While the Community Trust has provided support and resources in multiple languages, a high migrant population brings other unique challenges. "In many cases, people are considering putting their lives and the lives of their families at risk, making dangerous journeys to their countries of origin, because of fear or a lack of money," continues Goga. "We’re advising them against making these journeys, but many feel they have no other option."
Coronavirus isn't just a health crisis, but a political one. In the west of Scotland, inequality simultaneously leaves its most deprived residents at high risk of the virus itself, and with little hope of weathering the political and economic storm it leaves behind. At the beginning of this month, figures from the Office for National Statistics showed a higher death rate in the most deprived areas of England and Wales. Just this week, similar analysis by the National Records of Scotland made the same link, with Inverclyde dubbed its "coronavirus capital", owing to a death rate that's double the national average.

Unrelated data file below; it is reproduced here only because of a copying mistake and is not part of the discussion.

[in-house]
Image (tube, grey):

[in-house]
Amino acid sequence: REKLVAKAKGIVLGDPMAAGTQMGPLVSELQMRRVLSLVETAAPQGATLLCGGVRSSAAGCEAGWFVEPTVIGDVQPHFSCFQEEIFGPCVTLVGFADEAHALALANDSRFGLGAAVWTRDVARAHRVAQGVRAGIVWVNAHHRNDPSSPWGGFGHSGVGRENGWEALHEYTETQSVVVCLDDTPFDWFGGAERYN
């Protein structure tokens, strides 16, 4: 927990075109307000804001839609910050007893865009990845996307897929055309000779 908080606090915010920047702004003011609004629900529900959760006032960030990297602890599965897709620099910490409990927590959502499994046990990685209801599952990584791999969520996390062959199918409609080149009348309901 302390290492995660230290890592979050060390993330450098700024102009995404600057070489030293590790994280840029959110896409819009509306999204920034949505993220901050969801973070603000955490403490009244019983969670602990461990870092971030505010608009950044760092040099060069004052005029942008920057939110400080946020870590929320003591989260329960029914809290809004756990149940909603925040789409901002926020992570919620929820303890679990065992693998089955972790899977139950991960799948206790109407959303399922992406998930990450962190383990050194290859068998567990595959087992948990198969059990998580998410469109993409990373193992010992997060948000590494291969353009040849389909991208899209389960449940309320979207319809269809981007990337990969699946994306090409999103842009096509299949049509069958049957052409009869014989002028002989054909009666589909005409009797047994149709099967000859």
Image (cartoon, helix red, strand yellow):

High levels of deprivation here can be traced in large part back to political decisions which led to the dismantling of industries the area was particularly reliant on. "The region is still feeling the effects of that deindustrialisation," explains Ewan Gibbs, an economic historian at the University of Glasgow. "It's still poorer, unhealthier and more reliant on central government than elsewhere in the UK. The coronavirus crisis is hitting communities here that have already been made vulnerable by a longer set of crises."